Cellulose is the most important component in ruminant diets and is essential for rumen fermentation, and the rumen has developed into an effective and complex cellulose degradation system (Fox et al., 1992; Buchanan et al., 2010). This process has been the focus of metagenomic research aimed at identifying and capturing the diversity of enzyme activity. Many metagenomic studies have reported CAZyme diversity in different ruminants, such as Holstein–Friesian crossbred steers (Jose et al., 2017a), Angus cattle (Brulc et al., 2009), buffalo (Patel et al., 2014), and Saudi sheep (Almasaudi et al., 2017). Nine endoglucanases, 12 esterases, and one cyclodextrinase were detected from the rumen metagenomic library of dairy cows (Ferrer et al., 2010). Subsequently, several specific polysaccharide-degrading enzymes were isolated from the rumen using metagenomics techniques (Math et al., 2010; Huoqing et al., 2011). Additionally, most research has been conducted on CAZymes and digestive microbiota, but few studies have evaluated the effects of different forage-to-concentrate ratios and sampling time on the genetic diversity of CAZymes and taxonomic profile of rumen microbial communities in dairy cows. Therefore, this study was designed and carried out to explore CAZyme diversity and characteristics under different forage-to-concentrate ratios and sampling times, and identify the microbes that produce CAZymes.
Materials and Methods
This study was carried out in accordance with the regulations of Instructive Notions with Respect to Caring for Experimental Animals, Ministry of Science and Technology of China. The protocol was approved by the Ethical Committee of the College of Animal Science and Technology of Northeast Agricultural University.
Experimental Design, Animals Feeding, and Sample Collection
Six ruminally cannulated Holstein cows that averaged 3.2 ± 0.70 (mean ± SE) years of age were used in this experiment. Cows were housed in individual tie stalls. The treatments contained 70% (high-forage, HF) and 30% (low-forage, LF) dietary forage (dry matter basis), respectively. For 3 weeks before sampling, animals were fed once daily at 8:00 AM and allowed ad libitum consumption of 110% of their expected intake. The ingredient and nutritional composition of the two diets are presented in Table 1. Rumen content samples were collected before feeding (i.e., at 0 h, BF0h) and 4 h after feeding (AF4h) via a ruminal fistula. Collective representative samples of ruminal contents from each animal were extruded through four layers of cheesecloth. One part of each homogenized pellet was mixed with RNAlater (Ambion, Austin, TX, United States), which is a reagent that protects and stabilizes bacterial RNA, and the rest of each pellet was used for DNA extraction and enzyme activity determination. All samples were placed in liquid nitrogen within 5 min, and then taken to the laboratory and stored at -80°C until further testing.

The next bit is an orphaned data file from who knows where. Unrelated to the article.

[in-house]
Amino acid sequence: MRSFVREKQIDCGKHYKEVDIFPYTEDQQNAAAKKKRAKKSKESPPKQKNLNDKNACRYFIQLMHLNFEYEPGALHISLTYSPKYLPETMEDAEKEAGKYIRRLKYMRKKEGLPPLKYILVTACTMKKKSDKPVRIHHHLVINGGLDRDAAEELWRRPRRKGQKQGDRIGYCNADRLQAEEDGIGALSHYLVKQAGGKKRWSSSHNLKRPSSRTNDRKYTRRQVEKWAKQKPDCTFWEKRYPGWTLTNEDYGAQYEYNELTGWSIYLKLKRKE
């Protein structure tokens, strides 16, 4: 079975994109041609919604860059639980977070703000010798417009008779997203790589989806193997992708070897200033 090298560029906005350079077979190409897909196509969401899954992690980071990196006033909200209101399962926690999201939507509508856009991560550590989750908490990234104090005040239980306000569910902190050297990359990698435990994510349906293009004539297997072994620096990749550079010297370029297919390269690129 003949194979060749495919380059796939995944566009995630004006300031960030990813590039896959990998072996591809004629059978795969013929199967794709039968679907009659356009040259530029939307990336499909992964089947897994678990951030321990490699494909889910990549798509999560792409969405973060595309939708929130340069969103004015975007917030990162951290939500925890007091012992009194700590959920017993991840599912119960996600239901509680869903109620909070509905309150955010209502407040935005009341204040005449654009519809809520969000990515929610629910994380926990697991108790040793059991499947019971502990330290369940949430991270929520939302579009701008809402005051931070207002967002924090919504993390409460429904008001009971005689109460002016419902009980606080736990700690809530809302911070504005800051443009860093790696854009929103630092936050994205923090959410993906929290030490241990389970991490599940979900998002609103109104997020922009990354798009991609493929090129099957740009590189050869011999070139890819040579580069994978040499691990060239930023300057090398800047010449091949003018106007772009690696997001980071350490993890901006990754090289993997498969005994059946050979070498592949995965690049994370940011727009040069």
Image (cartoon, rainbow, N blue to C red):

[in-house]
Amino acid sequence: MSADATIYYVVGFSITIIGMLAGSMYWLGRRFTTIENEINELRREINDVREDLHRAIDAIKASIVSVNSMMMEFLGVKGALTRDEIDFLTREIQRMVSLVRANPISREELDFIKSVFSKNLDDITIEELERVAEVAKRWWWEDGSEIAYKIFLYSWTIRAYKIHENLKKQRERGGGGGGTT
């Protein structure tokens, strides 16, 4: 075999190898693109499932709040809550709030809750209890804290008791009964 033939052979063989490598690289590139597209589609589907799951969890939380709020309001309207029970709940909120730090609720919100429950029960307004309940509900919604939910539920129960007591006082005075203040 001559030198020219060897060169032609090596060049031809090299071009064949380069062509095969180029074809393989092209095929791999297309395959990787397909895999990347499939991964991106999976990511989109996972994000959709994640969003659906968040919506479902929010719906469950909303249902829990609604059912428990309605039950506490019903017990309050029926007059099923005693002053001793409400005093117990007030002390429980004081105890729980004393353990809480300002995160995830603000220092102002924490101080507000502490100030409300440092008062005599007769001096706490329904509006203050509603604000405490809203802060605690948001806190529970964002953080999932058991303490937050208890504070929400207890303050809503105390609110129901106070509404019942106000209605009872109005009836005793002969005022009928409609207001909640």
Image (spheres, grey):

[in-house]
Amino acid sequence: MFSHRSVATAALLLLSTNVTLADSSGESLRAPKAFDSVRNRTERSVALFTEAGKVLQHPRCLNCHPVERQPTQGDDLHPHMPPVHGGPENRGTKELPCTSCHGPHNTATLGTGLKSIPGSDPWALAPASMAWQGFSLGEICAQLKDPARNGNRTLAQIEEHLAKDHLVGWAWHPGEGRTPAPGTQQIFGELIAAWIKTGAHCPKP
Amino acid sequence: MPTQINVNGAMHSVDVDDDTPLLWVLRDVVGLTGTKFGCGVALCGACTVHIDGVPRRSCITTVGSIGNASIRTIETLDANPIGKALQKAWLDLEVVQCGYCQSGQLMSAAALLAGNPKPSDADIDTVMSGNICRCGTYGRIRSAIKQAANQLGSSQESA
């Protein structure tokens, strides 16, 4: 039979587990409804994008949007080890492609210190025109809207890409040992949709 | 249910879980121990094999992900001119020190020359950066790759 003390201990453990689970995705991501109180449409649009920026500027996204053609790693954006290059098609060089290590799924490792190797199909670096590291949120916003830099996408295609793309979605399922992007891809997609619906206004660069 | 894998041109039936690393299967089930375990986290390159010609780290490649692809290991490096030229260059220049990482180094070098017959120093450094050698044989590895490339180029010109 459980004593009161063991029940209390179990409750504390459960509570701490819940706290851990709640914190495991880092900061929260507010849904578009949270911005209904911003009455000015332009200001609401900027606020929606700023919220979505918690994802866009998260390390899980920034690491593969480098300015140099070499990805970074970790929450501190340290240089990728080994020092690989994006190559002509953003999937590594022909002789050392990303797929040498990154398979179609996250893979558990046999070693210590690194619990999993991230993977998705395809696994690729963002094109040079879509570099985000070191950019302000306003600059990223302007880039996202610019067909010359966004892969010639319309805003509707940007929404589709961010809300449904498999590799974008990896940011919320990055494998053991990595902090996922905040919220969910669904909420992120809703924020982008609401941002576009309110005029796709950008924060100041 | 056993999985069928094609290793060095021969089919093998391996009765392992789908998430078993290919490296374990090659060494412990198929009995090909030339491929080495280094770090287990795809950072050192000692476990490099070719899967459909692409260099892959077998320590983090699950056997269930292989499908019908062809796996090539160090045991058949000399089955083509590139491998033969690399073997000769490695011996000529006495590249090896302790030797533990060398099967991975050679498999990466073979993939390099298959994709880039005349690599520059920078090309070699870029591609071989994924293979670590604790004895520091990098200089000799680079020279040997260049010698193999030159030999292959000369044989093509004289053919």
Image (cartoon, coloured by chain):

Enzyme Activity Analysis
For the enzyme activity assay, frozen pellets were thawed at room temperature. After being centrifuged at 3000 g for 10 min (4°C), 10–15 mL of supernatant was taken for sonication (power, 400 W; crushed three times for 30 s each time at 30 s intervals), and the crushed liquid was subsequently tested. The assayed CMCase, β-glucosidase, xylanase, and β-xylosidase activity was measured using the 3,5-dinitrosalicylic acid method (Miller et al., 1960; Yang and Xie, 2010).
RNA Extraction, RNA Reverse Transcription, and qPCR Primer Design and Analysis
RNA extraction was performed using the liquid nitrogen grinding method and TRIzol reagent (Ambion, Carlsbad, CA, United States) following the protocols described by Kang et al. (2009) with some modifications. The RNA was reverse-transcribed into cDNA using a PrimeScriptTM 1st strand cDNA Synthesis Kit (Code No. 6110A, Takara, Dalian, China), following the kit instructions. The reverse-transcribed PCRs were conducted as follows: 37°C for 15 min, 85°C for 5 s, and 4°C for 10 min. The cDNA was stored at -80°C. The PCR primers used are listed in Table 2 and were assembled based on previous literature (Khafipour et al., 2009; Edwards et al., 2010). Primers were provided by Sangon Biotech Co., Ltd., (Shanghai, China). The Real-Time qPCR performed using Takara SYBR® Premix Ex TaqTM Synthesis Kit (Code No. RR420A, Takara, Dalian, China), following the kit instructions. Abundance of these microbes were expressed as a proportion of total estimated rumen bacterial 16S rDNA according to the equation: relative quantification = 2-(Cttarget-Cttotalbacteria), where Ct represents threshold cycle (Guo et al., 2010).